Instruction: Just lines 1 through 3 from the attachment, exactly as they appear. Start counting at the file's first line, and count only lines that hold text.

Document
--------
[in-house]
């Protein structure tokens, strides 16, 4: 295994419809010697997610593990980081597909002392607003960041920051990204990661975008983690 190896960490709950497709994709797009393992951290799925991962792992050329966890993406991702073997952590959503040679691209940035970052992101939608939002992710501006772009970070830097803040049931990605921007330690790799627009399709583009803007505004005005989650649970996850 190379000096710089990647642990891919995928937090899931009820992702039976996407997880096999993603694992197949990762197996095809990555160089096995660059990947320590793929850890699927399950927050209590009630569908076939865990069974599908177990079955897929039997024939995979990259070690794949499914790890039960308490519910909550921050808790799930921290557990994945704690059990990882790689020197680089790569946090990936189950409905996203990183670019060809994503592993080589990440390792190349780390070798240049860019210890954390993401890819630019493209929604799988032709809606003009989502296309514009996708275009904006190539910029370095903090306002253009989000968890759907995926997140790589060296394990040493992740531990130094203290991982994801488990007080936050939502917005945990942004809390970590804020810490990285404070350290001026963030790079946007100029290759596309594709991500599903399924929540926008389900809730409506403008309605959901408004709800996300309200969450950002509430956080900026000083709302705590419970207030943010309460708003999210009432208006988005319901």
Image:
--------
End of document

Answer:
[in-house]
């Protein structure tokens, strides 16, 4: 295994419809010697997610593990980081597909002392607003960041920051990204990661975008983690 190896960490709950497709994709797009393992951290799925991962792992050329966890993406991702073997952590959503040679691209940035970052992101939608939002992710501006772009970070830097803040049931990605921007330690790799627009399709583009803007505004005005989650649970996850 190379000096710089990647642990891919995928937090899931009820992702039976996407997880096999993603694992197949990762197996095809990555160089096995660059990947320590793929850890699927399950927050209590009630569908076939865990069974599908177990079955897929039997024939995979990259070690794949499914790890039960308490519910909550921050808790799930921290557990994945704690059990990882790689020197680089790569946090990936189950409905996203990183670019060809994503592993080589990440390792190349780390070798240049860019210890954390993401890819630019493209929604799988032709809606003009989502296309514009996708275009904006190539910029370095903090306002253009989000968890759907995926997140790589060296394990040493992740531990130094203290991982994801488990007080936050939502917005945990942004809390970590804020810490990285404070350290001026963030790079946007100029290759596309594709991500599903399924929540926008389900809730409506403008309605959901408004709800996300309200969450950002509430956080900026000083709302705590419970207030943010309460708003999210009432208006988005319901």
Image: